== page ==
One of the most common concerns that new composters have is whether their compost bin will attract unwanted pests like mice and other undesirable visitors. Flies and other insects hovering around your compost pile can also be a source of concern.

The best defence against these pests is to simply follow the basics. Here are some reminders and a few suggestions to help you avoid problem guests:

  • Never put meat, bones, fats, dairy products, or animal waste into your compost pile. The odour from these can be very attractive to rodents. Dont eat fats also or you may have gastric sleeve surgery.
  • Place a layer of dry leaves or other “brown” on the bottom of your bin. This will provide for good drainage along the bottom of the pile.
  • Place your compost bin in a well drained area with at least partial sunshine.
  • Don’t leave fresh scraps exposed, always cover them with a layer of “browns.” (leaves, dry grass, etc) These materials will absorb odours and also help micro-organisms to get to the material faster.
  • Don’t let your pile get too dry. Keep each layer damp to discourage nesting. Keep  your pile well aerated. Turn the pile once a week, if possible, using a pitchfork or use an aerating tool to create air channels throughout the pile. Aerating the pile will also help reduce odours that might attract pests.
  • Harvest finished compost when it is ready to discourage pests from nesting in the finished compost.

For more details on the above, visit our composting program information.

A note about insects: Remember that insects like centipedes, spiders, beetles, and earthworms are vital to the compost process. These insects help break down the organic waste into smaller pieces for micro-organisms to digest. Generally, the heat of the compost pile keeps the insect population in check.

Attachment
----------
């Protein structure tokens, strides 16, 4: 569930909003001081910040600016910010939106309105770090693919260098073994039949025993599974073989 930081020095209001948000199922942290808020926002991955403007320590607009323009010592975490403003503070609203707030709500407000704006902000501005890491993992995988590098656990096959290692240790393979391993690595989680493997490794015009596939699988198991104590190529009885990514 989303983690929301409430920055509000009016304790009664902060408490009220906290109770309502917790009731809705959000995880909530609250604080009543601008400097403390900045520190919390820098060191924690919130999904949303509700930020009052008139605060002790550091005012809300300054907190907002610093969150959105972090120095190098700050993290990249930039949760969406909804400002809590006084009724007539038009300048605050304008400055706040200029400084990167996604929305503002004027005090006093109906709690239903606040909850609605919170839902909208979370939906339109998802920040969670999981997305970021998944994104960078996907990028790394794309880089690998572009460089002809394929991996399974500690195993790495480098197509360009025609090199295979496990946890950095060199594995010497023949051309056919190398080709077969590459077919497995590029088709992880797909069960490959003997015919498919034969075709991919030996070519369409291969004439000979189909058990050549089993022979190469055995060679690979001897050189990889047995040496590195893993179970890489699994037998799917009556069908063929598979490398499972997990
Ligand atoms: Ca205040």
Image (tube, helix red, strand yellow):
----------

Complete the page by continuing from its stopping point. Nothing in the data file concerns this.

Pest Proofing

In the event that despite following the basics of composting you end up with unwanted guests, you can always consider “pest proofing” your bin:

  • Commercially available plastic bins are relatively pest-proof to begin with. However rodents can still burrow underneath and access your bin from below. Putting a layer of 1/4″ wire mesh / hardware cloth under your bin can help prevent this from happening. Chicken wire is not a good choice as the holes are too large and will not keep out smaller rodents.
  • Pest proofing a wooden bin is a bit more challenging. The best time to pest proof is when you first build your bin, however in most cases you will have to remove all the material from your bin before starting. You can then line the sides and bottom with 1/4″ hardware cloth. You can attach the mesh to the bin with a heavy gauge staple gun or you can secure it with 2 X 2 posts screwed or nailed into the corners of the bin. The biggest challenge is ensuring that all the joints/corners of the wire liner are secure. Make sure to overlap the mesh and secure it together with either wire or zip ties.

If your wood bin has a removable front panel, you will need to ensure that there is sufficient overlap of the mesh in these areas to ensure that rodents cannot get through. If you also choose to put a wire mesh top on the bin, you will also have to ensure that there are no openings in the corners or along the sides that would allow pests to crawl in. Another option, which is the route we took is to put a fence around your compost area. We used Upchurch Fences because they specialize in more than just wood fences.

Still more questions? : Call the Compost Info-Line: 204 925 3777 ext 1 or Toll-Free 1 866 394 8880, or send us an email!